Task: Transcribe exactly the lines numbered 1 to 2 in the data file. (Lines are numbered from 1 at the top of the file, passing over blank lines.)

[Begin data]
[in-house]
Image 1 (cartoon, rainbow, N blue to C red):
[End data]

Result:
[in-house]
Image 1 (cartoon, rainbow, N blue to C red):